On Friday night, Donald Trump headlined a campaign rally in Mississippi, where he not only bragged about constructing barriers along the U.S./Mexico border, he insisted that no one can "cut through" the fencing his administration has installed.
It was about nine hours later when the Washington Post ran this article discrediting the president's boasts.
Smuggling gangs in Mexico have repeatedly sawed through new sections of President Trump's border wall in recent months by using commercially available power tools, opening gaps large enough for people and drug loads to pass through, according to U.S. agents and officials with knowledge of the damage.The breaches have been made using a popular cordless household tool known as a reciprocating saw that retails at hardware stores for as little as $100.... After cutting through the base of a single bollard, smugglers can push the steel out of the way, allowing an adult to fit through the gap. Because the bollards are so tall -- and are attached only to a panel at the very top -- their length makes them easier to push aside once they have been cut and are left dangling, according to engineers consulted by The Washington Post.
This comes on the heels of an NBC News report from earlier this year on Department of Homeland Security testing that found vulnerabilities to Trump's barriers.
Asked about the revelations, Trump said he was unfamiliar with the revelations, though he quickly added, "We have a very powerful wall. But no matter how powerful, you can cut through anything, in all fairness.... [Y]ou can cut through any wall."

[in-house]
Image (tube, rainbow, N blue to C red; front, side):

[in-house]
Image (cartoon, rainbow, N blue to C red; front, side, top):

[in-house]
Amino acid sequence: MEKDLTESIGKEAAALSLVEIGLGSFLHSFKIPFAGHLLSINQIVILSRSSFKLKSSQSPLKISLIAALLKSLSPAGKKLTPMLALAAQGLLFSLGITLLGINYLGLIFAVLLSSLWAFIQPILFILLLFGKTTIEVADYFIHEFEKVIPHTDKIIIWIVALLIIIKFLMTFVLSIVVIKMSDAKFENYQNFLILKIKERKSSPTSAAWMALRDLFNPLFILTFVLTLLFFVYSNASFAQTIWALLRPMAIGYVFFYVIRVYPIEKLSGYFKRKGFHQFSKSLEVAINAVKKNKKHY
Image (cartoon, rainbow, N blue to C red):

The president went on to say that after the barriers have been pierced, he's confident that officials can "put the chunk back in" -- after people have had an opportunity to go through it after using popular cordless household tools readily available in hardware stores.
Trump's rhetoric on Saturday was a welcome change of pace -- I more or less assumed he'd dismiss the Post's reporting as "fake" -- though it dramatically contradicted everything he's said about the border project for months.
The Republican has, after all, repeatedly assured Americans that he was building a "wall" that's "impenetrable." Now he's been reduced to conceding that people can "can cut through any wall," raising questions about whether he fully appreciates the meaning of the word "impenetrable."
Of course, Trump has also claimed that the border barriers cannot be climbed, and that doesn't appear to be true, either.
So let's take stock. Trump wants Americans to believe he's built hundreds of miles of impenetrable wall that cannot be climbed. In reality, it's not a wall; it's not hundreds of miles; it can be climbed; and it's penetrable.
Oh, and Mexico isn't paying for any of it, the Republican's campaign promises notwithstanding.